Oligonucleotides: Finally, the co-located Oligonucleotides: Chemistry & Therapeutics Symposium provided an in-depth analysis of the pressing challenges and opportunities in oligo chemistry, analytical development, and miRNA therapeutics. Among its most noteworthy sessions was the AstraZeneca keynote address and the industry presentation led by Biogen. AstraZeneca’s address, ‘Characterisation Of Therapeutic Oligonucleotides In Early Drug Discovery’ spoke of challenges in LC-MS characterisation of oligonucleotides. The presentation received 90 views and provided interesting industry examples that illustrated both high-throughput and in-depth characterisation of synthetic oligonucleotides. Biogen’s ‘Drive To A More Sustainable Synthesis Of Large-Scale Oligonucleotides’ gained over 80 views. Discussing the drawbacks of using solid-phase synthesis processing to meet large-scale manufacturing demands, the industry presentation proposed a liquid phase synthesis as a more practical and scalable design process.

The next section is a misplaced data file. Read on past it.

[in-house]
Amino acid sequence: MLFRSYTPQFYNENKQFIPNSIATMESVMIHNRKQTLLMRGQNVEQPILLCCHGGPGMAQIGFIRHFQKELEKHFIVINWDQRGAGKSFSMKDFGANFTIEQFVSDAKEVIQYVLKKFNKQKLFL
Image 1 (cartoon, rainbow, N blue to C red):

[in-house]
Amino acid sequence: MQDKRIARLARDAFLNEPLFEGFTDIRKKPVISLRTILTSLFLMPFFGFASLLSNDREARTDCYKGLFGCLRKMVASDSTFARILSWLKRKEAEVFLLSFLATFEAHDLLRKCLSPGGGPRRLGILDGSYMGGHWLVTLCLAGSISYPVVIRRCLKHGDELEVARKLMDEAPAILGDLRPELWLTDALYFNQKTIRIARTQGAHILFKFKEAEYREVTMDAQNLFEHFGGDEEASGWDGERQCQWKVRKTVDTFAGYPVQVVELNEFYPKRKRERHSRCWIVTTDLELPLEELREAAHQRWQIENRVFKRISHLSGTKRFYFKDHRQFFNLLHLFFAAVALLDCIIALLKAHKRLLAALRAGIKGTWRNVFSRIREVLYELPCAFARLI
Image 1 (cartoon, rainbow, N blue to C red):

Market Trends: Compuatational Engineering, Vaccinology, and ADCS
Computational Engineering: During the post-event advisory meeting, board members from both leading industries and research institutions discussed the expected key trends facing the biologics market. The top three trends identified were: computational and digitised engineering tools, vaccine development, and the renewed interest in ADCs. Computational engineering or augmented intelligence is a relatively novel discipline in the world of biotherapeutic manufacturing and refers to the development and optimisation of therapeutics using computer-based software. In biologic drug production, computational techniques can be used to assist in the discovery of these therapies by imitating the pre-established design process and synthesis of these biological components. Computation engineering is divided into two main strands: Artificial Intelligence (AI) and Machine Learning (ML). Trying to understand the opportunities that lie within these modalities of rational design is set to become an important and rapidly increasing area of interest. This is not only due to its potential to accelerate mass-scale manufacturing needs, but also the cross-disciplinary prospects it holds for other areas of drug and scientific discovery.